Big Change on a Tiny Screen

Big Change on a Tiny Screen is the title the editors of Indian Express chose for my column on the mobile phone I did for them today.

The greatest technological advancement of the modern world, after the personal computer, has to be the cell phone. The power that it gives its approximately three billion users around the world arises from its participatory nature. Consider the recent protests against the Chinese repression of Tibetans. The use of mobile phones to send pictures of the protests in Lhasa and elsewhere and regular updates of rapidly unfolding stories is power that is hard to contain.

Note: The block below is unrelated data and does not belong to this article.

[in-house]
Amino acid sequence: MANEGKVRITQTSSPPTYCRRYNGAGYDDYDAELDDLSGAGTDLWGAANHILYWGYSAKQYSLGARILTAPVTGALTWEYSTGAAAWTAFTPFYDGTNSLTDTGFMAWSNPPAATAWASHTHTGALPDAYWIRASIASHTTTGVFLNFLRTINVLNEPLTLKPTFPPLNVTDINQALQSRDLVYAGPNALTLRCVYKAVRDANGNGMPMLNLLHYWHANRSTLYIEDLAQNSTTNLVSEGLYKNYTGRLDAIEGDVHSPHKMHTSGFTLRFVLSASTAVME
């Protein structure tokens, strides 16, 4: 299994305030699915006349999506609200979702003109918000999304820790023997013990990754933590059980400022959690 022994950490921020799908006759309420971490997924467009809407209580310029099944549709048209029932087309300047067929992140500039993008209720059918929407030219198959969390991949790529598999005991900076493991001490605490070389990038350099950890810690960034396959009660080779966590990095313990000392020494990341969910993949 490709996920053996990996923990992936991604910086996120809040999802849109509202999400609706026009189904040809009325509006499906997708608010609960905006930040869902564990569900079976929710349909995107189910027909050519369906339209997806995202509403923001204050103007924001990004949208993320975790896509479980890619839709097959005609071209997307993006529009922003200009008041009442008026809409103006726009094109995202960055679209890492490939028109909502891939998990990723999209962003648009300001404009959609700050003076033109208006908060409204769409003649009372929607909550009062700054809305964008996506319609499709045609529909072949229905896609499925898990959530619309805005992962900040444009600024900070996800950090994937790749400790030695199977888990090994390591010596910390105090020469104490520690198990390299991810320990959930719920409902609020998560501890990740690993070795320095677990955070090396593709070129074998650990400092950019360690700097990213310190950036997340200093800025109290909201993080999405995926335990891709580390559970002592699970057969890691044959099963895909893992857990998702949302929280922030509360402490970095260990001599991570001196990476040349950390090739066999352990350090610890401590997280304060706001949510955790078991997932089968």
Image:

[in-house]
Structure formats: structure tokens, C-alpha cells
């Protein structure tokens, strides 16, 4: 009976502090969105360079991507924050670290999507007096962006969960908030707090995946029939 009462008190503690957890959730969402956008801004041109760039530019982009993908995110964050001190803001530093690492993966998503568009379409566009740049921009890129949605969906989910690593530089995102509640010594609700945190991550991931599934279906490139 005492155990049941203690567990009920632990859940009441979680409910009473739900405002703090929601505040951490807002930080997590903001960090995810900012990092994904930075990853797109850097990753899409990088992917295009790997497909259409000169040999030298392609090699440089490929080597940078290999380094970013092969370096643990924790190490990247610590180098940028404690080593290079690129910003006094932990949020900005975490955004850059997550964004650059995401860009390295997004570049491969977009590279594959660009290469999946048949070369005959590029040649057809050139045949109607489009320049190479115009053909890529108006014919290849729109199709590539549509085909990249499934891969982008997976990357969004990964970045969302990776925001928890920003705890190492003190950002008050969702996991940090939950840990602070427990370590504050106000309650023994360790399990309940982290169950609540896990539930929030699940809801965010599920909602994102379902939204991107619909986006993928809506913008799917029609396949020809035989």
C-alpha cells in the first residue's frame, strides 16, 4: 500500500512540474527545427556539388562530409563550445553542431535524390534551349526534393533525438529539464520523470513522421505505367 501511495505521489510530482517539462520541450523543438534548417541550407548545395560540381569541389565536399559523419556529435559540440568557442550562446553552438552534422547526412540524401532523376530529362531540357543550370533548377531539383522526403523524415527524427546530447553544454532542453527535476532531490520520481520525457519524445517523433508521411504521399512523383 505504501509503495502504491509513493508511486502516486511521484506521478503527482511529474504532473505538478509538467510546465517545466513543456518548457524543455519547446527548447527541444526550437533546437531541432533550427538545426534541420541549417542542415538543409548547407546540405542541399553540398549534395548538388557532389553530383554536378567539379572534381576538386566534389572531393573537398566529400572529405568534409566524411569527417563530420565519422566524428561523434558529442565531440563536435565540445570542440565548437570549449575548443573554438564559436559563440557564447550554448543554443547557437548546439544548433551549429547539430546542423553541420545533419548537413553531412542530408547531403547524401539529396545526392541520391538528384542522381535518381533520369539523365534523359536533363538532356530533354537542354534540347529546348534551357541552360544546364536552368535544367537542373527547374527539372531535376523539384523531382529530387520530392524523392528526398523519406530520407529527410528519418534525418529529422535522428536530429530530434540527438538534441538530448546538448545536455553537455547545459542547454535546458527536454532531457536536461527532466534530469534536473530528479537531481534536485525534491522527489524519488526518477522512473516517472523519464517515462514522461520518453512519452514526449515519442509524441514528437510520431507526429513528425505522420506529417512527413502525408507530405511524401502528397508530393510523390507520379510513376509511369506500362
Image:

Nothing new for the regulars of this blog. So don’t even bother.

Global Poverty and the Cell Phone

A magazine article in the New York Times of April 13th has the rather mistaken and misleading title “Can the Cell Phone End Global Poverty?” (Hat tip: Abhishek Sarda). The article title is misleading because it doesn’t even remotely attempt to answer that question. It is instead about what is called a “human-behavior researcher” or “user anthropologist,” in this case someone who works for Nokia and essentially tries to figure out how people actually use their phones and thus how phone companies should design phones for greater usability.
Continue reading “Global Poverty and the Cell Phone”

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